Sustenance: Attention Grabbing

It is a spiritual practice of Unitarian-Universalists to light candles.  We light candles for things we are happy about, rejoicing, relieved of, and at peace about. We light candles for our sorrows, for what ails us, for worries and concerns.  Lighting a candle gives us something to do about our feelings, and it stands–as long as it burns–as a witness to our personal and communal experiences.  Each time I look upon the candle, I am called back to the experience which I marked when I lit it.

Recently, a social justice issue deeply disturbed me, and so in our home, in our living room, on the mantel over the fireplace, I lit a candle and said a prayer expressing my concerns and hopes for the situation and all the people involved.  Throughout the night, as I went about my evening activities, I continually had my attention drawn, even if for a moment, to the burning flame.  Each time that I and my attention were drawn to the flame was a renewal of what had led me to light it in the first place: both the anxiety and the hope.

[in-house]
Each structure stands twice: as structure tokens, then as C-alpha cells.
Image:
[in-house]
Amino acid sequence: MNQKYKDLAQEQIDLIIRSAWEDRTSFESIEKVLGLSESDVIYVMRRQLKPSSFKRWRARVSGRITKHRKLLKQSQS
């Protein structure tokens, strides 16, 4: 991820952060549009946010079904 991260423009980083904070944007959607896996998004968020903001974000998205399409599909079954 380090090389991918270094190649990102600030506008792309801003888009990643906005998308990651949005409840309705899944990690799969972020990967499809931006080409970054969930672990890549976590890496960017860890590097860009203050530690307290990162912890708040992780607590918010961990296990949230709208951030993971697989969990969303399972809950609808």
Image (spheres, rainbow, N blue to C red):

I have thought of sustenance as whatever helps me get what I want, but I am beginning to see that there are things that call us to sustain somethings that are not only what we want but what we are called to.  I am not only sustained, but I am a part of that Spirit that sustains.  I am not only sustained, but I am a sustainer as well.

That night, the candle that I had lit in prayer grabbed my attention again and again.  In doing so, it sustained my prayer.  It sustained my care.  But, it also called me to engage myself into the cause for  which I was concerned. You see, sustenance is a two way street.  I receive.  I also give.   And the two are not separate.   THAT WHICH sustains me is also THAT WHICH calls me into ITSELF as a sustainer for others.

What’s grabbing your attention, today?

Bob Patrick

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